Comparative susceptibility to natural disasters in the Caribbean

Author(s): Crowards, Tom (1999)

Created 22 Jul, 1999
Categories Working Papers
Views: 2133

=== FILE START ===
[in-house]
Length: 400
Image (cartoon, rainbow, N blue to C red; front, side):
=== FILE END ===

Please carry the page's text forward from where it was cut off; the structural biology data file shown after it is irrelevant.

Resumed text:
Natural disasters can have catastrophic impacts. These may be economic, social and environmental. Damage to infrastructure can severely impede economic activity. Social impacts can include loss of life, injury, ill health, homelessness and disruption of communities. Environmental damage can range from the felling of trees to the reshaping of entire landscapes. Measuring the comparative susceptibility of countries to natural disasters can serve to draw attention to the issue, to identify sectors of the economy or society that are particularly at risk, and to assist in planning to mitigate the effects of future events. In addition, a wider international comparison may serve to highlight the particular vulnerability to natural disasters of small island states such as those of the Caribbean. A convincing comparison between countries will need to quantify susceptibility to disasters. This will inevitably be based, at least in part, on the historical incidence of events and their magnitude. The most commonly recorded impacts of natural disasters are the number of deaths, the number of injuries, the number of people homeless, the total number of people [affected] and the monetary cost of damage caused. The value of these measures for comparing impacts and hence susceptibility between countries is considered. The key problem with each of the measures stems from the quality of the data. In many instances, data are simply not available. A comparison between regions of the world is carried out in terms of numbers of disasters experienced, persons affected, and the number of deaths resulting. The use of recent data, between 1993 and 1997, and pooling within regions may serve to balance some of the inaccuracies identified in the underlying data. The results suggest that the Caribbean experiences a relatively high number of natural disaster events. The number of people affected by disasters, however, is comparatively low, although the number of deaths that result is high. Various sources of data of natural disaster impacts are used to rank selected Caribbean countries, in an effort to identify those countries that are most susceptible. Concerns with the underlying data suggest that any ranking should be treated cautiously. However, the results from different studies and sources of data differ tremendously, making anything other than broad qualitative statements impossible. The study concludes that it is feasible, based on the data employed, to rank countries according to their relative susceptibility to natural disasters. Ideally, a comparative analysis would be based on probabilities of future events, and their impact, and not simply on limited historical information.

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